Manufacturers of metal chimney liners,  I.R.C. 2006 building codes, and Underwriters Laboratory UL 1777 Standards For Chimney Liners require all metal chimney liners to be insulated when solid fuel is burned in a chimney containing a metal chimney liner. When the preferred, poured-type of insulation is used, a 1” minimum thickness of poured insulation is required to completely surround the metal chimney liner. The chimney liner and poured insulation are two components that, together, create a safe, code compliant system that protects the dwelling from dangerous heat transfer that radiates from the chimney.

The Problem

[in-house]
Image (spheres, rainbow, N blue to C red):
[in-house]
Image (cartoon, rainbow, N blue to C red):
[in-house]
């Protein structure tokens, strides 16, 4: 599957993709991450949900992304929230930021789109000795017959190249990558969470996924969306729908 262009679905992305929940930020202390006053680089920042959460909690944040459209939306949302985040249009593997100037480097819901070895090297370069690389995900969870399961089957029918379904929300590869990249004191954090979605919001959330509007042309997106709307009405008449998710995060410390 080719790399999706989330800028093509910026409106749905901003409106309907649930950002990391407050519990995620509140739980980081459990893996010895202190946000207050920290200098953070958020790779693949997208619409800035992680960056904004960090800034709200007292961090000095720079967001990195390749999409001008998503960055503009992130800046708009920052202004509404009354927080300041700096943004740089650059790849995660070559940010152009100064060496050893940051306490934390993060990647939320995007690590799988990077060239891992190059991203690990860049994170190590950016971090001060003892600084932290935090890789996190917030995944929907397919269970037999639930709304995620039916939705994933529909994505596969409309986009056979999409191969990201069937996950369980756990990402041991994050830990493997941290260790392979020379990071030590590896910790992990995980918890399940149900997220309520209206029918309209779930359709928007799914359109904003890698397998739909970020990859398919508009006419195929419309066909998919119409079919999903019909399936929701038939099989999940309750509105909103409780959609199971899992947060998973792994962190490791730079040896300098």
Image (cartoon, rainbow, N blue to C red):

As illustration # 1 reflects, the metal chimney liner touches the inside surfaces of the chimney as the liner is being lowered into the chimney from the top. Wherever the metal chimney is in contact with the inside face of the chimney it is physically impossible to achieve the mandatory 1” minimum thickness of poured insulation. If the 1” thickness of poured insulation is not achieved, dangerous levels of heat transfer can occur from the chimney to the dwelling. Most homes are built with wood framing, joists, and trusses, which are exposed to the radiant heat. Through pyrolysis, the chemical decomposition of an organic material by heating, the ignition temperature of the surrounding wood gradually lowers. As the ignition temperature lowers, spontaneous combustion of the wood can occur.